A federal judge in Oregon ruled there is no 'right to wilderness' in the ConstitutionA federal judge in Oregon said the Constitution does not guarantee the right to be left alone in wilderness, freeing the government from a climate change lawsuit. Photo credit: Natalie Behring/Getty Images
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By Karen Savage

Despite recognizing that climate change is a “diffuse, global phenomenon that affects every citizen of the world,” a federal judge in Oregon dismissed a lawsuit filed last year by groups alleging that the federal government is violating their Constitutional rights by contributing to climate change.

In his ruling, U.S. District Court Judge Michael J. McShane on Wednesday said the plaintiffs—the Animal Legal Defense Fund, Seeding Sovereignty and six individuals—do not have standing to sue because they are not uniquely affected by the harms associated with climate change. McShane also said the plaintiffs do not have a fundamental “right to wilderness” as they had claimed in the suit.

The lawsuit alleged that by supporting the fossil fuel industry and failing to take action on climate change, the Department of Interior, the Department of Agriculture and other federal agencies are violating the right to be left alone guaranteed under the First, Fifth and Ninth amendments. They urged the court to engage in “nothing short of revolutionary thinking” by recognizing a right to wilderness.

The Department of Justice (DOJ), maintained that no court has recognized a fundamental right to wilderness and said there is no First Amendment right to be “free from human influence in wilderness,” as the plaintiffs had claimed.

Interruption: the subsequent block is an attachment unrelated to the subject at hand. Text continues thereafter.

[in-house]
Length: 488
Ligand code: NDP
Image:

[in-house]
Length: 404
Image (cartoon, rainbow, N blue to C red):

McShane agreed.

“The lower courts—bound by rule of law—are not the forum for the ‘revolutionary’ thinking that plaintiffs articulately espouse in their briefing,” McShane wrote in his order. “Indeed, this Court has previously declined invitations to create new fundamental rights that are not enumerated in the constitution or found in Supreme Court precedent.”

In their complaint, the plaintiffs had cited the federal judge’s ruling in Juliana v. United States, the landmark Constitutional youth climate case, that the government has a “continued affirmative duty to safeguard public trust assets” and that there exists a “right to a climate system capable of sustaining human life.”

But McShane said the reasoning in Juliana did not apply to this case. The Juliana plaintiffs, he wrote, “did not object to the government’s role in just any pollution or climate change, but rather catastrophic levels of pollution or climate change.” He said in this case, the Animal Legal Defense Fund, Seeding Sovereignty and the six individuals “allege nothing of the sort” and said the right to a stable climate system is narrower than the right to wilderness.

The DOJ did not immediately respond to a request for comment. 

The plaintiffs said they will appeal the ruling.

“It would be odd if the Constitution and the right to be free protected us from minor governmental intrusions, but not an existential threat. The Supreme Court has described freedom as the right to be let alone, which creates a baseline for environmental protection that includes wilderness,” said Carter Dillard, a senior policy adviser for the Animal Legal Defense Fund. 

“We are faced with the climate crisis because the government has failed to protect our right to be free—but it’s not too late to change course.”

The government successfully argued to McShane that the plaintiffs do not have standing because they could not show why they were specifically impacted by climate change, an argument the government is also using in trying to keep Juliana from going to trial. A European court also used this reasoning to dismiss a lawsuit against the European Union filed by families and a youth group from eight countries alleging their rights are being violated by inadequate action against climate change.

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